A team of TCS sixth graders will let their creativity and problem-solving skills take flight at the city-wide G3 Drones for Good competition this March. TCS students have already started working on the challenge to develop innovative, drone-based solutions for a problem in their community, state or world.
“The drones program is an engaging way for our students to experience the iterative design process using a technology that fascinates them,” said sixth grade science teacher Kelly Lyn, who leads the TCS Drones for Good team. “Not only are they learning more about science, technology, engineering and math (STEM), they are also experiencing the gratification of collaboration and persisting through the ups and downs of a trial and error process.”
This year’s competition will consist of three components:
Problem-Solving: Each team will identify a problem and develop a conceptual solution for that problem that utilizes drone technology. SNEAK PEAK: The TCS team is exploring several innovative concepts for using drone technology to support rescue efforts after natural disasters.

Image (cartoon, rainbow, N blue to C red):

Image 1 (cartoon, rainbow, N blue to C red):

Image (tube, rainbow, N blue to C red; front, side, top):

The Design Challenge: Students will construct their own quadcopter drones, a wonderful opportunity to let their imaginations and ingenuity soar.
The Flight Challenge: Students will pilot the drones they’ve built and test their flight skills in areas including hovering, precision landings and throttle control.
A student-led robotics team at Grady High School founded the Drones for Good Competition in 2014 and explain their mission this way: “We envision a world where STEM leaders are heroes and role models; Where all students have opportunities for meaningful STEM challenges; and where students grow into innovative, creative, problem-solvers who are ready to tackle the big problems of the next century.”
What started as a competition among five middle schools has quickly grown into a STEM outreach program for more than 40 teams from across the metro-Atlanta area.